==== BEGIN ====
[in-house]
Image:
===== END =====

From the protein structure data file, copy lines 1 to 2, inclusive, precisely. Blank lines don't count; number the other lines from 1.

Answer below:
[in-house]
Image: